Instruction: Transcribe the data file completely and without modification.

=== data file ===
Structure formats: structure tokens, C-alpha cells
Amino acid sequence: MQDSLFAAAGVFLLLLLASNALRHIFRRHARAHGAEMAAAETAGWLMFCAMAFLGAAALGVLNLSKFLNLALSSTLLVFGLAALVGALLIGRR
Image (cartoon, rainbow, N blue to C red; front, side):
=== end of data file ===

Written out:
Structure formats: structure tokens, C-alpha cells
Amino acid sequence: MQDSLFAAAGVFLLLLLASNALRHIFRRHARAHGAEMAAAETAGWLMFCAMAFLGAAALGVLNLSKFLNLALSSTLLVFGLAALVGALLIGRR
Image (cartoon, rainbow, N blue to C red; front, side):